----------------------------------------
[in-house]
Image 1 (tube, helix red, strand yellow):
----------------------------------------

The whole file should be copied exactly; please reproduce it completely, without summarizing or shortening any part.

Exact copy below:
[in-house]
Image 1 (tube, helix red, strand yellow):